• 5 Years Ago
      This looks good and I hope, unlike TV, radar and many other English 'firsts', Murray goes from prototype to production in-country. Bruce
      • 5 Years Ago
      This is about as revolutionary as the original Smart car was when that came about. It has its' place, but it's not for me. I'm a petrol head. I need my car to be fast as feck and look cool.
        • 5 Years Ago
        Yes, but we need electric cars to take off so the petrol is saved for us petrol heads ;D
      • 5 Years Ago
      Water cooled electric motor?
        • 5 Years Ago
        Yes. If you've ever seen an electric car conversion in person, there is often a water cooling system hooked up to the inverter/controller, at the very least.

        I believe Nissan's battery packs have cooling also.

        Having the electric motor in the front helps. In the rear though, you're gonna need extra cooling.. hence the radiator.

        Well ya know.. there are thousands of watts at work here :)
        • 5 Years Ago
        Interesting. Thx
      • 5 Years Ago
      Yet another fail of an electric car, just like all the Teslas and all the others. Why do the manufacturers not get it?

      We need a STANDARD battery and a STANDARD way of charging it. The batteries need to be interchangeable between cars easily at petrol stations. No one should be charging their own batteries - they should be paying a company to do it. When my battery gets low on juice, I take it to a petrol station where they replace it with a new one and then charge up the old one for someone else who comes along. I pay them for this service, they make money and don't go out of business and we can carry on with cars that work in much the same way as they do now.
        • 5 Years Ago
        @Joanna D

        I certainly see your point, when taken in the context that we are used to driving up, filling up, and driving off. We want it all, and we want it now.

        Making batteries an exchangeable item brings on a host of challenges - none of insurmountable from a physics standpoint. It comes down to economics, and whether or not anyone actually wants to limit actual pollution (not the idea that zero tailpipe emissions always = no pollutants whatsoever).

        Designing vehicles to have a common design of rapidly-exchangeable battery packs (vs. more fully-integrated) will require a lot of shared design effort, which tends to go against the nature of business competition. I know, there are lots of common parts and suppliers, but this is like sharing engines between competitors - it's not unheard of, but not very common.

        It would be nice if there were a single standard for electric car batteries, but go ahead and take care of cell phone batteries first. Good luck with that one. Every manufacturer's products have advantages and disadvantages, and their own subtle marketing differences. Capitalism, etc.

        Every service station would need to be able to handle large, heavy, potentially hazardous items - and lots of them at one time. How many are held on-hand will depend on estimates of how many vehicles will come in on a given day. If the service station down your street suddenly closes down, you have to go to the next one over - which is what everyone else will have to do.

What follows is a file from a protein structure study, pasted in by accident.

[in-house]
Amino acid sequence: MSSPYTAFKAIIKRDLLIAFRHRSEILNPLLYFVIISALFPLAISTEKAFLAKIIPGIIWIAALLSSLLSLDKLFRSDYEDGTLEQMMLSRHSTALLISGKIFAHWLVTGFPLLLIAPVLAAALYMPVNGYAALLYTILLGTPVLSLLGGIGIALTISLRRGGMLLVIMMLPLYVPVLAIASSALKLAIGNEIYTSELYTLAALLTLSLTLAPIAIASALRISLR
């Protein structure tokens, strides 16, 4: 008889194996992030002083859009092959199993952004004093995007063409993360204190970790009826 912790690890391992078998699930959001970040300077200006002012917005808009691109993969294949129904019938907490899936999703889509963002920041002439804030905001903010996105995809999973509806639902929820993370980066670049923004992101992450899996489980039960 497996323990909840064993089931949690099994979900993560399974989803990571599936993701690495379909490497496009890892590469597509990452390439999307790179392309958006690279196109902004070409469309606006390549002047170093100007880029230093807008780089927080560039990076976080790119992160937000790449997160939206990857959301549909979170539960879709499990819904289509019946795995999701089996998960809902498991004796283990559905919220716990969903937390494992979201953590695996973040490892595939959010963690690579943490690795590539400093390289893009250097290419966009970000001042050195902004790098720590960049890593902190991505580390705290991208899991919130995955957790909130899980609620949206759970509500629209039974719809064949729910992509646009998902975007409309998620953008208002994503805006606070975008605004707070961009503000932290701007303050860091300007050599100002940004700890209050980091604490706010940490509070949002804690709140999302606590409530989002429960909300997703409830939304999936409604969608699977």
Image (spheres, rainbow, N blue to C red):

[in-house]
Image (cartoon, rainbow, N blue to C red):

If that's the case, then either a lot of people are going to be sh_t out of luck (not enough batteries to go around), or they will have to sit around and wait for ___ minutes/hours/days for a freshly-charged battery to become available. Sounds like fun. No? Nope. Not at all.

        Does this mean that every service station would have to have 100 battery packs in stock? If so, that means a cubic buttload of batteries would need to be built, which would eliminate the (truly, only perceived) environmental benefits provided by them.

        Also, the idea that "I want my electric car charged NOW" defeats the purpose. If you're going to own an electric car, but go on trips requiring you to use a charging station (due to electric cars' inherently limited range), then you need a diesel, not an electric.

        But I see what you're saying.
        • 5 Years Ago
        The point I'm really trying to make is that we cannot have a situation where we've got to wait for our cars to recharge. Imagine if you took your car to the petrol station now but they said sorry, you can't drive it because the petrol only goes in at 1ml per minute. That's what electric cars form Tesla, G-Wizz etc. are like now. We need something better and charging stations on the street simply isn't it.

        Charge the batteries, not the cars.
      • 5 Years Ago
      Is that an illustration of a car, or the next Nike cross trainer??? OK- so the tech is interesting, but the illustration reminds me of the cars I used to draw up in study hall.
      • 5 Years Ago
      As MINI has proved, people will buy small cars if they're engineered well and styled with flair...

      ...a car this size in the hands of Gordon Murray, I have hopes for it. He just might be able to pull it off!
      • 5 Years Ago
      Hmm... i think this is on the wrong autoblog :)

      However, rear wheel drive electric for the damn win :)
        • 5 Years Ago
        lol, indeed, where's all the green stuffs :D
      • 5 Years Ago
      Murray has talent no doubt, but the spy shots of this car reveal some ungainly proportions. I don't doubt the car will drive well though.